But [Donald] Savoie and [Ian] Lee agree on one thing: the partisan Harperman performance could undermine any party’s trust in the neutrality of public servants and could particularly reinforce the Tories’ long-held view that bureaucrats are mostly a bunch of Liberals.

“The public service should be concerned about this,” said Savoie. “If the Conservatives are re-elected … they can question if they can really get policy advice that supports their agenda without fear or favour,” he said.

“If Harper sees this video he might say, ‘We can’t trust public servants’ advice …. so let’s go somewhere else.’ This doesn’t help a relationship that has been strained for years.”

Agree with Savoie as both the Turner song and the union campaign will only further Conservative distrust of the public service, not without reason.

Source: Public servants brace for war against Conservatives | Ottawa Citizen

Donald Savoie: How government went off the rails

Donald Savoie confirms the policy/service delivery hierarchy.

My experience when Service Canada was established, and then watching how the both the Government and the public service whittled away at the vision of making service as important as policy, is a case in point.

Another example was Citizenship and Immigration Canada’s inability in 2010-12 to implement a series of inter-related changes – new citizenship test, language assessment process, anti-fraud efforts and program review cuts to the regions – which resulted in a dramatic fall in the number of new citizens:

Below the fault line is where government is coming up short, often because the ones operating above it have no appreciation of how the machinery operates. It is also where the great majority of Canadians deal with their government. The view among politicians and the courts is that government is about 90 per cent ideas and 10 per cent implementation. Making a policy or program announcement, defining the right media line and keeping an eye on the blame game as it is played out in Parliament and the media are what truly matters. They expect that program managers below the fault line should simply run on their tracks and avoid providing fodder for the blame game. The view among the majority of Canadians and front-line government workers, however, is that government should be 90 per cent delivering services efficiently and 10 per cent ideas. Canadians are too often left waiting, for an hour or so, to talk to someone after calling a 1-800 number, days to get a phone call returned or weeks to get an answer to what they regard as a straightforward question.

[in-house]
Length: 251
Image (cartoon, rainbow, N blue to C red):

Not only have we overloaded the machinery, we have also misdiagnosed the patient. The thinking that we could somehow make the public sector as efficient as the private sector was misguided, costly and counterproductive. The thinking conveniently overlooks the fact that the public and private sectors are different in both important and unimportant ways. Consider the following: 76 per cent of public-sector employees belong to a union versus 16 per cent for the private sector. The blame game plays very differently in both sectors and the private sector has an unrelenting bottom line, while the public sector has none, or rather has a top line called the prime minister, Parliament and the media. In the private sector, good managers learn to delegate down. In the public sector, good managers learn to delegate up.

In the search for a bottom line, governments have created an abundance of oversight bodies, management constraint measures and vapid performance and evaluation reports. It has only made the machinery of government thicker, more risk-averse and created a veritable army of public servants kept busy turning a crank not attached to anything. It has also given rise to a serious morale problem in the public service.

This is not an indictment on what government tried to do or on the role of government in modern society but rather how the government tried to do it. Thinking that you can simply pile on responsibilities to the existing machinery and somehow emulate private-sector management practices while retaining the command and control approach to operation is where things went off the rails.

  Donald Savoie: How government went off the rails